Polynomial and/or Polynomial
Functions and Equations 
Polynomial functions 
Source or original polynomial function 
Translating (parallel shifting) of the polynomial function 
Coordinates of translations and their role in the polynomial
expression 
Transformations of the polynomial function applied to the
quadratic and cubic functions 





Polynomial functions 
Source
or original polynomial function 
Any
polynomial f
(x)
= a_{n}x^{n}
+ a_{n}_{}_{1}x^{n}^{}^{1}
+
.
. .
+
a_{1}x
+ a_{0}
of degree n >
1, consisting
of n
+ 1 terms, shown graphically, represents translation of its
source (original) function in the direction of the coordinate
axes. 
The source polynomial function 

f_{s
}(x)
= a_{n}x^{n}
+ a_{n}_{}_{2}x^{n}^{}^{2}
+
.
. .
+
a_{2}x^{2}
+ a_{1}x



has
n
 1 terms
lacking second and the constant term, since its coefficients, a_{n}_{}_{1
}=
0
and a_{0
}=
0
while
the leading coefficient a_{n},
remains unchanged. 
Therefore,
the source polynomial function passes through the
origin. 
A
coefficient a_{i
}of
the source function is expressed by the coefficients of the general
form. 
A
coefficient a_{i
}of
the source polynomial can be calculated like
coefficients of the Taylor polynomial 

where
f ^{(}^{i}^{
)}^{
}(x_{0})
denotes ith derivative at
x_{0}. 

Translating
(parallel shifting) of the polynomial function 
Thus,
to obtain the graph of a given polynomial function f
(x)
we translate (parallel shift)
the
graph of its source function in the direction of the x^{}axis
by x_{0}
and in the direction of the yaxis
by y_{0}. 
Inversely,
to put a given graph of the polynomial function beck to the
origin, we translate it in the opposite direction, by taking the
values of the
coordinates of translations with opposite sign. 

Coordinates of translations
and their role in the polynomial expression 
The
coordinates of translations we calculate using the formulas, 

Hence,
by plugging the coordinates of translations into
the source polynomial function f_{s}(x),
i.e., 

y
 y_{0}
= a_{n}(x
 x_{0})^{n}
+ a_{n}_{}_{2}(x
 x_{0})^{n}^{}^{2}
+
.
. .
+
a_{2}(x
 x_{0})^{2}
+ a_{1}(x
 x_{0}) 


and
by expanding above expression we get the polynomial function in
the general form. 

Inversely, by plugging the coordinates of translations into a given polynomial function
f(x), that is expressed in the general form,
i.e., 

y
+ y_{0}
= a_{n}(x
+ x_{0})^{n}
+ a_{n}_{}_{1}(x
+ x_{0})^{n}^{}^{1}
+
.
. .
+
a_{1}(x
+ x_{0})
+ a_{0} 


and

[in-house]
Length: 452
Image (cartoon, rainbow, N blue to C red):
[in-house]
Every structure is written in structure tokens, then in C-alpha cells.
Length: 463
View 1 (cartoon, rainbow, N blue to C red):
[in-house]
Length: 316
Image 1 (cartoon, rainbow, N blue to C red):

after expanding and reducing above expression we get its source polynomial function. 
Note
that in the above expression the signs of
the coordinates of translations are already changed. 
Therefore,
each polynomial missing second term (a_{n}_{1}
=
0),
represents a source polynomial whose graph is translated in
the direction of the yaxis
by y_{0}
= a_{0}. 

Transformations of the polynomial function
applied to the quadratic and cubic functions 
The
application of the above theory to the quadratic and cubic
polynomial functions. 

Quadratic
function f
(x)
=
a_{2}x^{2}
+ a_{1}x
+ a_{0} 
1)
Let calculate the
coordinates of translations of quadratic function using the
formulas, 
substitute
n
= 2 in 



then 



2)
To
get the source quadratic function we should plug the coordinates
of translations (with changed signs) 
into the general form
of the quadratic,
i.e., 

after
expanding and reducing obtained is 
y
=
a_{2}x^{2}
the source quadratic function 
3)
Inversely, by plugging the coordinates of translations into the source quadratic function 
y

y_{0}
= a_{2}(x

x_{0})^{2}, 

and
after
expanding and reducing we obtain 
y
=
a_{2}x^{2}
+ a_{1}x
+ a_{0} the quadratic function
in the general form. 

Cubic
function f
(x)
= a_{3}x^{3}
+
a_{2}x^{2}
+ a_{1}x
+ a_{0} 
Applying
the same method we can examine the third degree polynomial
called cubic function. 
1)
Calculate the
coordinates of translations 
substitute
n
= 3
in 



then 


2)
To
get the source cubic function we should plug the coordinates
of translations (with changed signs) 
into the general form
of the cubic,
i.e., 

after
expanding and reducing obtained is 


the source
cubic function. 

3)
Inversely, by plugging the coordinates of translations into the source
cubic 
y

y_{0}
= a_{3}(x

x_{0})^{3}
+
a_{1}(x

x_{0})^{}, 

after
expanding and reducing we obtain 
y
=
a_{3}x^{3}
+ a_{2}x^{2}
+ a_{1}x
+ a_{0} the cubic function
in the general form. 
According to mathematical induction we can examine any
ndegree polynomial function using shown method. 








College
algebra contents C




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